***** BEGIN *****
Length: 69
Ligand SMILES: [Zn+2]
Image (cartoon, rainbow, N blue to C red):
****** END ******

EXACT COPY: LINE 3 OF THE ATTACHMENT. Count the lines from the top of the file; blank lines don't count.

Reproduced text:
Image (cartoon, rainbow, N blue to C red):